Practical Guide to Getting Started with the TS-7670

This practical guide gives us an opportunity to take a relaxed approach to getting started with the TS-7670 single board computer. We’re going to take a look at how to make our first connections, and setup the network. These are usually the first things we do before starting development. In the grand scheme of things, this is just a friendlier extrapolation from the official TS-7670 manual, so be sure to keep it handy for more advanced topics and specific details. The only assumption being made is that you’ve purchased the TS-7670 with a development kit, including the pre-programmed microSD card. Right then, let’s get started!                            Home

Connections and Jumpers

Let’s take a look at the most basic of connections: serial console, power, and Ethernet. Follow along in order and we’ll be ready for the next section when we actually apply power and start using the TS-7670.

If you have the enclosure, you’ll notice all these connections are available externally, but you’ll want to unscrew the four screws on the bottom of the enclosure to get to the jumper block, microSD card, and other guts.


Out of the box, the TS-7670 has it’s jumpers set to boot from the onboard eMMC flash (JP2 is a user jumper hooked up to a DIO and TERM enables a RS-485 termination resistor). Certainly, it depends on your preferences when it comes to setup for development, but we’re going to go with the jumper configuration you see in the image above. That is, we will boot to the SD card. This is generally easier to develop from, as files can be easily restored or altered from a development computer if something should go wrong.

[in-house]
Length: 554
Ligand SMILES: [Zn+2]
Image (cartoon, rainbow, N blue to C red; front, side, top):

Serial Console

Nothing beats a good ‘ol serial console for direct access to an embedded system. Where others like telnet and SSH might fail due to bad startup scripts or network snafus, a direct serial console connection will always be there to bail you out. For this, you’ll simply need an A/B USB cable (included in development kit). No need to deal with NULL modem cables or USB to serial adapters in this case. Just a clean, single cable solution.

It’s recommended that you work from a Linux development machine. Not only are the serial port drivers already installed, but you’ll also need it if you plan on using our cross compile toolchains for a larger project later on. For now, if you’re on a Windows or Mac OSX machine, you can obtain the serial port drivers from the Silicon Labs USB-to-UART drivers page.

Next step is to connect the USB cable to your computer and follow the instructions given in the “Get a Console” section of the TS-7670 manual. This author’s preference is minicom , a no-frills, cross-platform serial communications program. Basically, we’re setting the baud rate to be 115200 with 8N1 parity, no hardware or software flow control. Typically, your serial device name may be:

  • Linux, /dev/ttyUSB0
  • Mac OSX, /dev/tty.SLAB_USBtoUART
  • Windows, use device manager to discover COM port

For reference, here’s a screenshot from Mac OSX using minicom:

As for now, that’s all there is to getting the serial console setup. We’ll actually use the serial console in the next section or after power is applied. Let’s move on to talking about the power connections.